Chiropractic & Osteopathy 2008 (Aug 11);   16:   7 ~ FULL TEXT

Accurate diagnosis or classification of patients with spinal pain has been identified as a research priority [1]. We presented in Part 1 the theoretical model of an approach to diagnosis in patients with spinal pain [2]. This approach incorporated the various factors that have been found, or in some cases theorized, to be of importance in the generation and perpetuation of neck or back pain into an organized scheme upon which a management strategy can be based. The authors termed this approach a diagnosis-based clinical decision rule (DBCDR). The DBCDR is not a clinical prediction rule. It is an attempt to identify aspects of the clinical picture in each patient that are relevant to the perpetuation of pain and disability so that these factors can be addressed with interventions designed to improve them. The purpose of this paper is to review the literature on the methods involved in the DBCDR regarding reliability and validity and to identify those areas in which the literature is currently lacking.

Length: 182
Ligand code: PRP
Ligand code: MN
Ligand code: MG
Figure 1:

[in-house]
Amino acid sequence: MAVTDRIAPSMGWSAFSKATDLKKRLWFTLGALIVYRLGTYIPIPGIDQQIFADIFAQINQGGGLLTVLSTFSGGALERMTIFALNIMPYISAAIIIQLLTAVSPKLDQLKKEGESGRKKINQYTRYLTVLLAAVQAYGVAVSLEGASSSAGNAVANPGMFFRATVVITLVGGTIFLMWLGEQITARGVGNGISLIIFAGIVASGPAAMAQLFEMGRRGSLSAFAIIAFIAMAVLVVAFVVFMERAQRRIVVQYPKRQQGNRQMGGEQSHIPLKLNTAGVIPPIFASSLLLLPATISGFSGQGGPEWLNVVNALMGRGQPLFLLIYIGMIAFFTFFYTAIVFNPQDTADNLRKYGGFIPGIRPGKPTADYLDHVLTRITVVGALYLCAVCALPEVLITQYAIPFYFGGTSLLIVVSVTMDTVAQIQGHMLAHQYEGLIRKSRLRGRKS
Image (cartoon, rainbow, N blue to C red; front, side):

Predictors For Immediate and Global Responses to Chiropractic
Manipulation of the Cervical Spine

J Manipulative Physiol Ther 2008 (Mar);   31 (3):   172–183 ~ FULL TEXT

Data were collected from 28,807 treatment consultations (in 19,722 patients) and 13,873 follow-up treatments.

The presenting symptoms of:

“neck pain”,
“shoulder, arm pain”,
“reduced neck, shoulder, arm movement, stiffness”,
“headache”,
“upper, mid back pain”, and
“none or one presenting symptom”

emerged in the final model as significant predictors for an immediate improvement.   The presence of any 4 of these predictors raised the probability for an immediate improvement in presenting symptoms after treatment from 70% to approximately 95%.

A Theoretical Model For The Development Of A Diagnosis-based
Clinical Decision Rule For The Management Of Patients With Spinal Pain

BMC Musculoskelet Disord. 2007 (Aug 3);   8:   75 ~ FULL TEXT

In this paper, the theoretical model of a proposed diagnosis-based clinical decision rule is presented. In a subsequent manuscript, the current evidence for the approach will be systematically reviewed, and we will present a research strategy required to fill in the gaps in the current evidence, as well as to investigate the decision rule as a whole.

A Clinical Model for the Diagnosis and Management of Patients
With Cervical Spine Syndromes

Australasian Chiropractic & Osteopathy 2004 (Nov);   12 (2):   57–71 ~ FULL TEXT

Neck pain and related disorders are a group of conditions that are common and often disabling. It can be argued that the importance of these disorders is under-appreciated. Because of the prevalence of low back pain and its great cost to society, much clinical attention and research dollars are focused on the low back. But epidemiological research suggests that cervical related disorders are as common and may be more costly to society than low back disorders. [1-4]